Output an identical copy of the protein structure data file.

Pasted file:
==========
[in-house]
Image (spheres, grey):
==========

[in-house]
Image (spheres, grey):